by Carl L. Biemiller,
edited by C. J. Carnahan and Eric Biemiller

lightning Copyright © 2005 by Eric C. Biemiller

Please respect the copyrights.
The chapter links are located at the end of each chapter.
Chapter 11

Ninety-nine and nine tenths of all the people who live in times of crises and world-shaking events never know it. Unless, of course, they happen to get blown up in one of the events or read about the crises in a history book when they are old. Nobody ever stops between the time he crawls out of his sheets in the morning until he gets back in the sack at night to cry, “My, my, I am living smack dab in the middle of a world crisis, and I am part of a vast historic change.”

In the first place, somebody might ask them what they are doing about it, which would be embarrassing as they aren’t doing anything about it, and don’t intend to get involved. In the second place, they have their own troubles which are more important than anything else. In the third place national crises, world woes, and historic changes are all supposed to be handled by people in Washington whose names they can’t remember very well, if at all.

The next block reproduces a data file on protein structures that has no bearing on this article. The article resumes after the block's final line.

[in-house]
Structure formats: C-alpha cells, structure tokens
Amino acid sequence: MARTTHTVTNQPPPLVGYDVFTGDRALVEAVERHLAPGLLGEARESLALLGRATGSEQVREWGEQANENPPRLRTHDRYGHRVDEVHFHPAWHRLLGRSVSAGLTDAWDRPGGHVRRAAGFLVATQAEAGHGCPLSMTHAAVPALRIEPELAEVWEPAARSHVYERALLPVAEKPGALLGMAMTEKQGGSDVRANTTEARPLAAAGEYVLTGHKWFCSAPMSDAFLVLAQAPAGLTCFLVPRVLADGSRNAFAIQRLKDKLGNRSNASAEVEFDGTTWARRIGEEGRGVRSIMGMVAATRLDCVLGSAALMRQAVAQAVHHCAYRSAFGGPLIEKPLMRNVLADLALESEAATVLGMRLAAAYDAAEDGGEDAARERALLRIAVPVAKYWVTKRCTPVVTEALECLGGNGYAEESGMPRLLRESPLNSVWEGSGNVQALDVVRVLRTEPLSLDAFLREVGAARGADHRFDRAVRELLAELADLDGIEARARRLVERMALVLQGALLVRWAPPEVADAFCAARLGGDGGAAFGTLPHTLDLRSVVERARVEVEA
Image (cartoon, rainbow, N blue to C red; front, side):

Marterville was undisturbed by the fact that the little Federal judge who was trying the case of the seven burglars who broke into the headquarters of the Democratic National Committee in Washington’s Watergate apartment complex suddenly decided on January 11 that there was more to the case than appeared. The little judge wanted more than the answers, which seemed to satisfy the U.S. Department of Justice at the time. He wanted to know where the money came from to mount the burglary. He wanted to know where the thieves took the fruits of their thefts.

The little judge said so. He said so very loudly and to the newspapermen covering the case, and the radio and TV reporters. “I am not satisfied that all of the pertinent facts have been produced before an American jury,” he said.

The little judge who had once boxed with Jack Dempsey, the famous prize fighter, further said to the people on trial that if they did not cooperate with the court he would put them in jail for as long as the life of a redwood tree.

At about the same time the Senate of the United States announced the formation of a Select Committee headed by an old Senator from one of the Carolina states to look into possible wrong-doing connected with national elections.

But Marterville didn’t care. Not in January 1973. The re-elected president of the United States hadn’t been inaugurated yet on January 11. Besides there was bigger news. The United States had, after a decade of death and destruction in Vietnam, declared itself a winner and was withdrawing its troops. The local university students would have to write up new signs when they wanted to demonstrate, although it was difficult for them.

Woodie’s father, reading about the little judge, said, “I hope they dig that Watergate case right down to the bottom of the well.”